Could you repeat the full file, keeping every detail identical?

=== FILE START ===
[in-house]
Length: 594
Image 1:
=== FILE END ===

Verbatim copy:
[in-house]
Length: 594
Image 1: